Larry C.

Lung Cancer - Stage 2

Larry Conley

Today, I am working on taking life one day at a time while also planning for the future. I am still actively traveling. My cancer experience has given me a new perspective in life. I have goals, dreams and milestones that I want to reach. Every day, I fill my life with adventures and stories to tell. I don’t know where I am going next, but I know I will never stop exploring.

This testimonial includes a description of this patient’s actual medical results. Those results may not be typical or expected for the particular disease type described in this testimonial. You should not expect to experience these results. 


I am a traveler. I have always enjoyed jumping in my car and finding adventure. I have also been open to new opportunities, like sailing my nephew’s new boat from San Diego to Hawaii. Some may say that I’ve completed my bucket list, but I’ve always found something new to add on to the list. For example, I’ve flown on the Concord to Paris, and I have traveled to Ireland with my cousin.

I very much believe in families spending a lot of time together and taking vacations. I try to plan at least seven vacations a year. When my children were younger, I took them on vacation as much as possible. Sometimes we would travel in a motor home. Other times we would find the perfect spot and camp out under the stars. It didn’t matter where we slept, as long as we were together. We would hike, snow ski, boat—the list goes on.

My family has never been conventional; I’ve raised or partially raised 10 kids. I had three of my own, and when my sister passed away, I took in her two children. Through marriage, I’ve been a stepfather to five additional children. I love these kids.

Over 30 years ago, I started my own business. It began as a carpet cleaning business. I worked hard and grew the business to become a mold, fire and flood restoration business. I am now retired, and I sold the company to three of my children.

I have been married for 16 years to my wife, Debbie. We met at church, and she brought her two boys into my life. It is such a blessing to have her and her kids in my life. I am also blessed by 10 grandkids, two of whom are on the way.

But the good parts of my story come with the bad. In 2011, while scuba diving in Florida, I had trouble breathing. It limited my activity that day, and I headed home, cutting the trip short. I went to go see a doctor and was diagnosed with asthma and bronchitis. But treatments weren’t helping me get better. I saw a pulmonologist, and he put me on a C-PAP machine, which did help with my sleep apnea. But that still wasn’t the problem. After additional tests, it was determined that I had stage 2 lung cancer.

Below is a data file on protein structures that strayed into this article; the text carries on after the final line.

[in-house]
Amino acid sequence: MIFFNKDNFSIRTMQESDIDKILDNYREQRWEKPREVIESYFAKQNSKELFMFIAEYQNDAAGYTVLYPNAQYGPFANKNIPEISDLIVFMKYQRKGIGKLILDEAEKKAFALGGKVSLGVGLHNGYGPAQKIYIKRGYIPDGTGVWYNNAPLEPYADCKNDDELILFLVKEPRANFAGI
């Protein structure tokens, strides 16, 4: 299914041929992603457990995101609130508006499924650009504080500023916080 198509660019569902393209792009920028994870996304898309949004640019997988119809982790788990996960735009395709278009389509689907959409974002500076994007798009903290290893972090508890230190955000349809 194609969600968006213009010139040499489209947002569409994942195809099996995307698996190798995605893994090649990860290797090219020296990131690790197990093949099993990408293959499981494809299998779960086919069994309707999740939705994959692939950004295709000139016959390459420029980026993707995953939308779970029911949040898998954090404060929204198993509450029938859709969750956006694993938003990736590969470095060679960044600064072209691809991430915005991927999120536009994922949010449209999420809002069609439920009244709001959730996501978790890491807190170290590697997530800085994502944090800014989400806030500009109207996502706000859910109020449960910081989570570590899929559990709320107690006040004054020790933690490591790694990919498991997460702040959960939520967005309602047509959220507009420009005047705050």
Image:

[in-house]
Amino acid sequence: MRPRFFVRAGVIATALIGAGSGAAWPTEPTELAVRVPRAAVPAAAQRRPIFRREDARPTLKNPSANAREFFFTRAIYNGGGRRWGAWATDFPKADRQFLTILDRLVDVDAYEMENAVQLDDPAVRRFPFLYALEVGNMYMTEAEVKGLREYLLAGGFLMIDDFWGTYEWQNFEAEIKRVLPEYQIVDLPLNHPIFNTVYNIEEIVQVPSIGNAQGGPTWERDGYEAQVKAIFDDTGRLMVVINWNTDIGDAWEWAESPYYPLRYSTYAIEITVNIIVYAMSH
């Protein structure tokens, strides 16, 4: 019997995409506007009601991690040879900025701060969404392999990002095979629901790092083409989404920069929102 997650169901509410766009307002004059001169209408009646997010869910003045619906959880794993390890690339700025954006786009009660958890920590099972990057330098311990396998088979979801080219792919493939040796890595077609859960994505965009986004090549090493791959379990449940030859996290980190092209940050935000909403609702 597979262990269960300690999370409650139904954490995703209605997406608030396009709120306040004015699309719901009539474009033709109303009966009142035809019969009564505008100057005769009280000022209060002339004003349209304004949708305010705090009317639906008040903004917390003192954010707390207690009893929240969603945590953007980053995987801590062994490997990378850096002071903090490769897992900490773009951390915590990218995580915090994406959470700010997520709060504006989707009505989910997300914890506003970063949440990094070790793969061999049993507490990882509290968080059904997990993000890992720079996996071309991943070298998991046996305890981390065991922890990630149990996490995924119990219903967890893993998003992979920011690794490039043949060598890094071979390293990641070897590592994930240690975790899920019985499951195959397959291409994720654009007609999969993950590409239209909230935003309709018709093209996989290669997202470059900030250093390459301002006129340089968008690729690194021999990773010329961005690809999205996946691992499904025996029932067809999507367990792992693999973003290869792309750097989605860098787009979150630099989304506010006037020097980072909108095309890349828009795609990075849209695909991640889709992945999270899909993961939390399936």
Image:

When I heard the words, “you have cancer,” I was shocked and confused. I was scheduled to catch a plane for an annual trip to Hawaii, and at my doctor’s suggestion, I decided to go. I did call my family and tried to lie to them. I told them there was nothing to worry about and it was just a benign tumor. I got away with the lie until my daughter called me out. I confessed.

When I returned from Hawaii, I went to a surgeon, and he removed 40 percent of my lung. At the time, chemotherapy and radiation were not recommended. I continued going in for follow-up appointments, and then in 2013, I learned I had a cancer recurrence. My prognosis did not look favorable, and I decided to get a second opinion.

Finding a new opportunity

One day, I happened to catch a TV commercial for Cancer Treatment Centers of America® (CTCA). I called the number on the screen and spoke to an Oncology Information Specialist. Within days, I was scheduled to go to the CTCA® hospital in Zion, Illinois.

At CTCA, I learned that the cancer was stage 4 and had spread to my brain. That same day, I went in for neurosurgery. When I awoke, I was surrounded by 12 members of my family, four of whom had driven 600 miles to be there. I was released a few days after that, but I knew I wouldn’t rest if I went home. So I got in my convertible and took a 2,500-mile drive to see some friends. When I returned to CTCA, I had radiation treatments to my brain.